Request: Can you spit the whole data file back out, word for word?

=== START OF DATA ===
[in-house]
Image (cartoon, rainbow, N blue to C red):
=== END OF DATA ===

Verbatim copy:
[in-house]
Image (cartoon, rainbow, N blue to C red):